- Scripps Howard reported on April 16, 1996 that scientists at the University of Georgia changed the genetic
makeup of the arabidopsis weed to hold a bacterial gene, mercuric ion reductase, according to a study
published by the Proceedings of the National Academy of Sciences. The gene causes the plants to
produce an enzyme that digests mercury into a less toxic form. In fact, the plants grew well in growing
media that contained toxic levels of mercury. Arabidopsis, a mustard, is a common research plant, but may
not be useful in the field. Rich Meagher, a professor of genetics at the university who has coordinated
work on the project since 1989.
- Poplar Trees
- Scripps Howard reported on April 16, 1996 that Rich Meagher, a professor of genetics at the Unversity of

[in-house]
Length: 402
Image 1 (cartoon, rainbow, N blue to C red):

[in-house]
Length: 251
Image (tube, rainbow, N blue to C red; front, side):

Georgia, working with Georgia forestry professor Scott Merkle, has been able to insert the heavy metal
eating merA gene into the yellow poplar, also called the tulip poplar, and is working on other trees, such as
sweet gum and cypress. The researchers hope to include the gene in a strain of salt marsh grass, which
could help clean up pollution caused by paper mills in fragile estuaries.
- Purdue University researchers say raw, minced horseradish roots mixed with hydrogen peroxide remove
chlorinated compounds often found in the wastes from steel mills, mining operations, paper bleaching and
the manufacture of plastics, textiles and detergents. The key to success is the enzyme horseradish
peroxidase, which causes pollutants to form insoluble polymers that can be easily removed. Scientists
already knew that horseradish can detoxify wastewater, but they say soils might be decontaminated simply
by rototilling horseradish growing in the soil and adding hydrogen peroxide.